David had an exceptional taste for adventure, long before the term “extreme sports” was coined. A mountain climber, he summited many challenging peaks, including the Matterhorn. David was also a scuba diver, paraglider, cyclist, and runner. He ran his first marathon at age 50 and completed his final marathon at age 80.

An amateur historian, David spent decades researching the genealogies of his family, and those of both his spouses. David was a member of the Foreign Policy Discussion Group and the Metropolitan Club. He loved to dance; he and his wife Elna were known for their virtuoso ballroom dancing. David was also active in the National Prayer Breakfast from the mid-1980s through the mid-2010s, traveling to over 100 countries to promote the Prayer Breakfast’s mission of resolving conflict through prayer.

Throughout his life, David remained humble, and always honored his upbringing in Dalton, Massachusetts, returning at least once a year to visit and climb to the top of Mount Greylock, his boyhood playground.

David leaves behind his beloved wife of 36 years, Elna Laux, two daughters, Emily Laux, and Cynthia Laux Kreidler (Jim Kreidler), son-in-law Paul Murphy, four stepsons, Michael Loflin, Dale Loflin (Debby), Byron Loflin (Anne) and Steven Loflin, and one stepdaughter, Kathy Loflin Sanders (John). His daughter Sara Laux Murphy (Paul) predeceased him. He also leaves behind six grandchildren, Madeleine Roche, John David Roche, Natalie Murphy, Alexander Kreidler, Isabelle Kreidler, and Nicholas Kreidler, and 12 step-grandchildren, Brendan Loflin (Lea), Jonathan Loflin, Theresa Pippen (Stephen), Bradley Loflin (Georgia), Amanda Loflin, Megan Loflin Sommers (Joe), Michael R. Loflin (Amanda), Katherine Loflin, and Tucker Loflin, Jack Sanders, and Steven Loflin Jr. and Jessica Pigg (Max), and 12 step great grandchildren. David is survived by his two younger brothers, Dean Laux (Miryam) and Michael Laux (Marisol) and many nephews and nieces. He was preceded in death by his parents, David Laux Sr. and Evelyn Moulton Laux, his sister Joan Hogan, brother Jerry Laux, his daughter Sara Laux Murphy, his son-in-law Alan Eugley, his great granddaughter Mabel Sommers, and his former wife Linda Bowden Laux. The family would like to thank Bobbie Taft for her outstanding care for David during the last two years of his life.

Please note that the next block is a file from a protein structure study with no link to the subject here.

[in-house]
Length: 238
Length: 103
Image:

A memorial will take place on Thursday, July 20th at 2:00 p.m. in the auditorium of Bay Village, 8400 Vamo Road, Sarasota. The burial will take place Friday, July 21st at 9:30 a.m. at the Sarasota National Cemetery, 9810 Highway 72 in Sarasota.

The family requests that in lieu of flowers, donations can be made to the David Nicholas Laux Memorial Well fund at Charitywater.org, a nonprofit organization that provides clean water to those who have difficult access to clean water. The online link is https://www.charitywater.org/byron-loflin-1. Farley Funeral Home in Venice, Florida is handling the arrangements. To send a memory or condolence please visit www.farleyfuneralhome.com.

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Memorial Service

2:00 pm
Thursday, July 20, 2023
Bay Village
8400 Vamo Road
Sarasota, Florida, United States

Graveside Service

9:30 am
Friday, July 21, 2023
Sarasota National Cemetery
9810 State Hwy 72
Sarasota, Florida, United States